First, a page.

• non-profit and community groups; and
  • private business groups which focus on crime prevention.

This article will highlight some of these existing policing partnerships.

The interaction between law enforcement agencies and the various partners takes place on different levels relating to communication, coordination and collaboration. Participation is critical to enable an effective strategy to combat crime nationally. An example of how businesses engage in partnerships with the SAPS is the Eyes and Ears Initiative (E2) where Business Against Crime South Africa (BACSA) and the Private Security Industry (PSI) work hand in glove with the police to prevent crime (refer to the article published on p28 and p29).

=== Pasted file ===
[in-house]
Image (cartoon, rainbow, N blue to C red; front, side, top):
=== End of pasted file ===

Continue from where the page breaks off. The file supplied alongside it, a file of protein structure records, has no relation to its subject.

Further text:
The Private Security Industry (PSI)
The PSI is one of the biggest partners to the police. This booming industry is larger than the SAPS and SANDF combined. According to the 2018/2019 Annual Report of the Private Security Industry Regulatory Authority (PSIRA), 534 289 active security officers (employment-linked) were registered with the Authority in 2018/2019.